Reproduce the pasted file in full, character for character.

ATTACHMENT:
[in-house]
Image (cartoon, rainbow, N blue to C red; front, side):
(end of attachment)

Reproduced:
[in-house]
Image (cartoon, rainbow, N blue to C red; front, side):